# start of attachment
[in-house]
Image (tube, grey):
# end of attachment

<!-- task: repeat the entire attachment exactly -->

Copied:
[in-house]
Image (tube, grey):